Keisha Scarville: Alma
Kathleen O. Ellis Gallery at Light Work
Nov. 1 – Dec. 13, 2018
gregory eddi jones
Among photography’s most cherished powers may be its capacity to memorialize, to encapsulate and preserve memory as a bastion against the long, slow, and malevolent inevitability of forgetting. What comparable experience is there to the one felt by revisiting a personal photograph long after it was made? There is a certain magic in the apparent materialization of past lives or passed loved ones, absences that pictures help to fill. The photograph’s gift is to let us hold on, to re-affirm our past and identity, and to strengthen our relationship to our personal history. This role of a photograph is the starting point for Alma, Keisha Scarville’s haunting and seductive solo exhibition at Light Work.
The show is named after the artist’s mother, who was diagnosed with cancer during Scarville’s 2014 residency at Light Work. After Alma’s passing in 2015, the artist set out to maintain her mother’s presence by using inherited clothing—brightly colored and patterned fabrics—as subject matter for photographs. It must seem bittersweet for Scarville to have returned to Light Work for this exhibition, the place where she learned of her mother’s fate. The tension between loss and renewal emerges as a major theme throughout the twelve photographs in the show. Each is defined by an alluring plexus of visual space, patterns overlaid atop patterns, collapsing figure/ground relationships flattened further by withholding color in elegantly formalized compositions.
The exhibition is concisely edited to intertwine studio-based still lifes and performative self-portraits. On one hand, still life tableaus reflect a history of Memento Mori paintings, which also tie into photographs’ natural roles as constant reminders of temporality. In one piece, a plantain — an ingredient used in many of her mother’s recipes— is aged and growing mold, and placed bluntly upon a tabletop amid a panoply of enthusiastic floral-decorated fabrics. In another, a body-like mass is wrapped in sequined fabric and bound tautly with rope amid further manifold patterning. It reads as a burial shroud, but it’s a picture that could almost be mistaken for a Daniel Gordon tableau had the color not been withheld to turn the boldly complex scene into something more subdued. The natural solemnity of a black-and-white rendered photograph is amplified when the viewer is attuned to how the absence of color fundamentally diverts the picture. Scarville’s aesthetic strategy of withholding color is a sharp and devastating metaphor to describe the pain of loss. It was there, vividly and undeniably, and now it isn’t.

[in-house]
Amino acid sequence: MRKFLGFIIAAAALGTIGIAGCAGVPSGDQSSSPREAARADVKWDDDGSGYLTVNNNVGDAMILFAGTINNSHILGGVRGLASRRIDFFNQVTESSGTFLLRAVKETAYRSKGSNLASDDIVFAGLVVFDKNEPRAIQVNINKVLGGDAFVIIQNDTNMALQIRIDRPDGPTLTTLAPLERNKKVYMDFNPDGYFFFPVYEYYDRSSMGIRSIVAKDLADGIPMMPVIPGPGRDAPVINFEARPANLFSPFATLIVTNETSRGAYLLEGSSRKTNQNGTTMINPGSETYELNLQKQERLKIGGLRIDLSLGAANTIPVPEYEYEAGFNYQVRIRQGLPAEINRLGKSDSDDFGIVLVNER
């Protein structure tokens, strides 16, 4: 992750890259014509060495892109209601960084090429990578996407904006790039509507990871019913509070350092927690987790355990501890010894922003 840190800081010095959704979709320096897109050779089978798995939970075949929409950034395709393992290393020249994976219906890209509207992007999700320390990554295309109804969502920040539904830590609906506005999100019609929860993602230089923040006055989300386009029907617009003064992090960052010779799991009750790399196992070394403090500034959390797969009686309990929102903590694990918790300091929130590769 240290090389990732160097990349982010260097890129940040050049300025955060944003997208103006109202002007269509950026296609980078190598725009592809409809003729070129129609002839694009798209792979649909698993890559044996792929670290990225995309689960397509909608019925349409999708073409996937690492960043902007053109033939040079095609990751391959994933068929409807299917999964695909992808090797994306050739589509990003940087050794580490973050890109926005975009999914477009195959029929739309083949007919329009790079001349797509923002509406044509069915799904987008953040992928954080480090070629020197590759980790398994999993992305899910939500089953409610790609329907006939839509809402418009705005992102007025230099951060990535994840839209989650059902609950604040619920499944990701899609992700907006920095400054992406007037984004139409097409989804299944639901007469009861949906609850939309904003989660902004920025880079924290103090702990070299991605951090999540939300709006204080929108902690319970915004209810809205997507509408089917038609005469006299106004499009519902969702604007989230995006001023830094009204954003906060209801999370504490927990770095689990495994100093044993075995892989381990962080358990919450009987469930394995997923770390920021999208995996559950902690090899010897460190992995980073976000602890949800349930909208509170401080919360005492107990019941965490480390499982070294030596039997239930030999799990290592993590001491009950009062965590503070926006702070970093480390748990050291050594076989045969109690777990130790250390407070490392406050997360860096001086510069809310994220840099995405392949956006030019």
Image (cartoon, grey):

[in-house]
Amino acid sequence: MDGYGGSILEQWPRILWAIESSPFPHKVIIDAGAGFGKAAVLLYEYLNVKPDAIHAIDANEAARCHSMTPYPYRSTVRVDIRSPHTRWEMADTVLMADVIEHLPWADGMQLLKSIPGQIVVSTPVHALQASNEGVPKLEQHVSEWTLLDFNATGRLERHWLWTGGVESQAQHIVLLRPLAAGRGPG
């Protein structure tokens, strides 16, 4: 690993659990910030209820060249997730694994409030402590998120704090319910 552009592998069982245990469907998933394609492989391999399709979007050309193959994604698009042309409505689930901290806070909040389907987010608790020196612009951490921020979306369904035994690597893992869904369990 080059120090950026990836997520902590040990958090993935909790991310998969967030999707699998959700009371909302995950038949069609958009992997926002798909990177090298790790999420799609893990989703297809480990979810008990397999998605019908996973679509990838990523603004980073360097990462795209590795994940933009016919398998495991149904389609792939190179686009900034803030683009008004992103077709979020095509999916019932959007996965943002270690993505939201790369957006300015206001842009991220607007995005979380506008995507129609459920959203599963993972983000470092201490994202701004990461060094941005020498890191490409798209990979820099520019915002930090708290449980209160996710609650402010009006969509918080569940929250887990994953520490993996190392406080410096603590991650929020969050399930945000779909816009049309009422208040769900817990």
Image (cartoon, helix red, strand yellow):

Scarville’s still lifes are pictures made with both deep love and sadness, but they also don’t refrain from doubling as playgrounds for the eye to explore and easy invitations for viewers to enter the conversation. They are alluring and seductive pictures that don’t dwell but transform grief and loss into unsurmountable beauty. In this respect, Alma moves beyond the traditions of Memento Mori and enters more into Memento Vitae. The work doesn’t so much mourn as it does celebrate Alma’s life and heritage, maintaining her presence in stasis for as long as the photographs will last.
I barely speak figuratively when I state that the soul of the exhibition is found in Scarville’s performance pictures. To look back just a bit, found in the opening decades of the photographic era is a particularly idiosyncratic chapter known as spirit photography. It was a genre of picture-making largely defined by fraud, with trickster photographers using double exposures and chemical development techniques to render ghost-like figures within a photograph. This practice was often marketed to families as a means to conjure and make real the spirits of their dead. Through a combination of broad ignorance of how photography worked and populations of people susceptible to magical thinking, the industry thrived under the guise that a photographer could also be a spiritual medium. Not all photographers explored the idea with commercial or fraudulent intent; it was an activity of casual novelty as well. In many cases, though, viewer ignorance made way to giving credibility to a good hoax.
Embedded in the tender remembrances of Scarville’s work is an astonishing legitimization of the notion of spirit photography as a valid genre. In the artist’s self-portraits, she fills the absence of her mother by using her own body as a medium (both the artistic and conjuring type), draping Alma’s clothing over herself, embodying them to create a material form like a ghost wears a bedsheet. Playing off of her use of an aesthetics of collapsed visual space, the embodied figure seems semi-transparent, blending and merging into its surroundings as an impeccable visual simile to an apparition moving through walls.
In Light Work’s video interview with the artist, she further alludes to the costumed traditions of Egungun festivals and notions of landscape as a space for narrative. She also gives insight into a sculptural work in the center of the gallery, Mama’s Bones, a touching tribute to a tradition of gift-giving in the artist’s relationship with her mother. In its entirety, the work of Alma intersects innumerable lines of familial heritage and visual tradition, resolving itself as a rich, skilled, clever, touching, and genre-defying display of visual authorship.
Alma is on view at Light Work until December 13th.
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